Thursday, May 31, 2012

How ASEAN Protects Singaporean Investments Abroad

In today's Singapore Business Review I discuss how the ASEAN Comprehensive Investment Agreement (ACIA) helps protect Singaporean foreign investment within ASEAN.   In particular, I discuss how the ACIA's broader coverage to include portfolio investments and its streamlined process to obtain coverage make the ACIA more accessible than its predecessor agreements.

Tuesday, May 29, 2012

Jakarta Expands ASEAN Diplomatic Zone/Malaysia Signs FTA with Australia

Today I discuss a couple of topics related to the ASEAN Economic Community.

First, the Jakarta Post reported that the Jakarta city government announced that it would develop Kebayoran Baru in south Jakarta as a special diplomatic zone devoted to ASEAN:

“So far, the diplomatic zone we have [in Jakarta] is in Kuningan. We realize that a specific area for diplomatic matters is needed, thus, with the presence of the ASEAN Secretariat here [in Kebayoran Baru], we think that this area should be developed,” Izhar Chaidir, the head of spatial planning for the Jakarta Development Planning Agency, said on Monday.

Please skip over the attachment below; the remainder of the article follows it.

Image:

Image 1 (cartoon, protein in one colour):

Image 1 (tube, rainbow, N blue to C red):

Implicit in the new plan is acknowledgment that the current infrastructure is insufficient:

Bernardus Djonoputro, a city planning expert from the Indonesian Association of Urban and Regional Planners (IAP), said that the plan was necessary not only to improve the stature of Jakarta as ASEAN’s “capital”, but also to boost the image of Indonesia on the world stage.

“A specific zone designated for diplomatic affairs in Jakarta is an urgent matter. As Indonesia’s profile and influence grow on the international stage, its capital will see a surge in the number of diplomatic events,” Bernardus told The Jakarta Post in an interview on Monday.

Compared to other cities, such as Singapore or Kuala Lumpur, Bernardus said that Jakarta was less appealing to foreign diplomats due to its poor spatial planning, poor infrastructure and poor public transportation.